Your voice can still be heard, a few of the software applications don't have any comments at all yet.  They need people to help add information to the map.

Found on the Mind Mapping Software Blog, by Chuck Frey

Also, MindMeister has an iPhone app that allows you to view and edit online mind maps from your iphone.  It's $6.99US in the iTunes App Store.  MindMeister (mind mapping)

Thursday, October 22, 2009

Left vs. Right Ideology Concept Map

David McCandless and Stefanie Posavec from Information Is Beautiful have created this Left vs. Right concept map to help explain the differences in political opinions.
Of course, the political spectrum is not quite so polarised. Actually, it’s more of a diamond shape, apparently. But this is how it’s mostly presented via the media – left wing vs. right wing, liberal vs. conservative, Labour vs Tory. And perhaps in our minds too… 
This kind of visual approach to mapping concepts really excites me. I like the way it coaxes me to entertain two apparently contradictory value systems at the same time. Or, in other words, I like the way it f**ks with my head.

Using this blank template, David and Stefanie created two versions  One for the U.S. (top) and one for the World (below).
There are two versions with different colours: a US and a World version. This is because the US and Switzerland are the only countries in the world where red = right wing and blue = left wing. Grrr!

Found on VizWorld and Information Is Beautiful.

Wednesday, October 21, 2009

Circular Periodic Table of the Elements

Mohd Abubakr has redrawn the classic periodic table in a circular pattern to improve the proximity and relationships between the elements.
So why change it? According to Mohd Abubakr from Microsoft Research in Hyderabad, the table can be improved by arranging it in circular form. He says this gives a sense of the relative size of atoms--the closer to the centre, the smaller they are--something that is missing from the current form of the table. It preserves the periods and groups that make Mendeleev's table so useful. And by placing hydrogen and helium near the centre, Abubakr says this solves the problem of whether to put hydrogen with the halogens or alkali metals and of whether to put helium in the 2nd group or with the inert gases.
The strongest feedback about the new circular table is that you have to rotate it to read it.  Kind of a problem when you print a poster and post it in a classroom or a laboratory.  Although I think it's an easy thing to remedy by changing the orientation of the text.

Original post on Technology Review by MIT, and found on VizWorld by Randall Hand.

Wednesday, October 14, 2009

10/GUI - Re-imagining a Desktop Touch Interface

10/GUI from C. Miller on Vimeo.

A little off-topic, but I love this video idea for a new touch interface to replace the mouse from 10/GUI. Designed by R. Clayton Miller.
This video examines the benefits and limitations inherent in current mouse-based and window-oriented interfaces, the problems facing other potential solutions, and visualizes my proposal for a completely new way of interacting with desktop computers. 
Thanks for the link Tyler!  Found on Ignore The Code.

Tuesday, October 13, 2009

50 Years of Space Exploration - Visual Flight Map

National Geographic published this amazing flight map that shows the flight paths of all 200 space missions in the last 50 years.  A zoomable map is on the NG website, and a high-res image is available from Adam Crowe on Flickr.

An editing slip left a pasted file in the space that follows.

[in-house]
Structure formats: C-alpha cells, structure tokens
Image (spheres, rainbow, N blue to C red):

Art by Sean McNaughton, National Geographic Staff, Samuel Velasco, 5W Infographics.

Found on Fast Company.

Monday, October 12, 2009

How to Crack a Master Lock [infographic]

Designed by Mark Edward Campos, this infographic takes the confusing instructions that have been on the Internet for years, and translates them into a simple graphic.  64,000 possible combinations reduced to less than 100 attempts.
This design project was born to understand the inner workings of the padlock, and to develop a notation system to engage the viewer and provide a guide to beat a pad lock.
Found on Gizmodo.

Friday, October 9, 2009

Information vs. Confusion chart

Love it!

From Jessica Hagy on Indexed.

Wednesday, October 7, 2009

CEO Compensation Infographic Contest Winner!

In September, GOOD magazine held an infographic contest to illustrate the top CEO compensation packages.  The above infographic by Dee Adams wins the prize!
Dee Adams’s piece “The Top 8 of CEO Compensation” does an excellent job of illustrating the massive salaries of CEOs and relating them to regular employees in a clean and simple manner. It’s our winner, and Adams will take home our prize package, including a GOOD T-shirt, a free subscription, and $250. You’ll be able to see her infographic in print in our next issue as well.
All of the entries are available for viewing here, but I wanted to include a few of my other favorites:

By Robin Richards:

By Jessica Karle:

Monday, October 5, 2009

The Billion Dollar Gram

This is one of those simple, but great infographics.  Once the news starts talking about "billions" of dollars, the brain goes numb and it all runs together because the numbers are too big for us to comprehend.

David McCandless, from Information Is Beautiful, created this tree map to show the relative size of the different billion dollar spending and budgets in the news.

Great job David, keep them coming!

Friday, October 2, 2009

China's 60th Anniversary - Then and Now

From the October issue of Fast Company,
Don't get all worked up by the headline, Sinophiles. We're talking about the 60th birthday of the founding of the People's Republic, which Mao Zedong declared on October 1, 1949. Here's a look at China then and now.
Most people would have used a bar chart, but a little good design work makes this a compelling infographic.

Not easy to find the designer credit, but the infographic is from Nicholas Felton.